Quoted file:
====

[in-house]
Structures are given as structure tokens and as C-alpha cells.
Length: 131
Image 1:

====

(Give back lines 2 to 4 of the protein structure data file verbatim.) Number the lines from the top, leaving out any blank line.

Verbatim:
Structures are given as structure tokens and as C-alpha cells.
Length: 131
Image 1: